Address: Arabellastraße 12 | MUNICH | Germany
Latitude/Longitude: 48.14991, 11.61769
Its fascinating structure and appeal makes the HVB-Tower unique – a defining landmark which shapes Munich’s skyline.
Based on a design by HENN, the listed building, which was the brainchild of the architects Walther and Bea Betz, underwent energetic restoration and comprehensive restructuring of the interior rooms. The particular challenge lay in the exact preservation of the building’s external appearance with a façade corresponding to the demands of a modern, energy-efficient building envelope. Since the building came into use in 1981, the Tower has undergone several changes before being declared a historic building in 2006. In contrast to the façade, the interior of the building was therefore no longer in its original state and could be completely overhauled during the course of renovation.
The formerly single-shell façade was replaced by a double-shell façade element developing towards the inside. The inner shell consists of an acoustically effective balustrade panel and an electromotive tilt opening vent with double glazing. This technology allows users to tilt and close the individual interior opening vents by pressing a button. Alternatively, the windows are opened and closed by means of a central control panel. The perforation of the façade elements for the fresh air supply was integrated in such a way that it is invisible from a distance. Refurbishment of the systems engineering allowed for the implementation of an up-to-date climate-control concept. The dismantled façade elements were sorted and separated. While most of the non-reusable parts were recycled, the aluminium balustrade panels were cleaned and reused.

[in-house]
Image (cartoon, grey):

The building that the Tower rises from was given a newly designed entrance hall. A spectacular space made from unfolded polygonal surfaces of varying inclinations and angles extends over three floors. Through the triangular glass mono-pitch roof, daylight streams onto the matte white, solid surfaces of this crystalline spatial sculpture, creating changing lighting moods. The sightlines between the floors connect the food court and the cafeteria on the first floor with the event area on the second floor, and draw the eye upwards. The offices of the 114 metre high HVB-Tower have been designed as open spaces with flexible workplaces.
Due to the extensive energetic structural reinforcement of the façade, the use of environmentally friendly materials and the consistent use of renewable energies, the HVB-Tower was transformed into a „Green Building“ and received LEED Platinum certification.
Text © HENN
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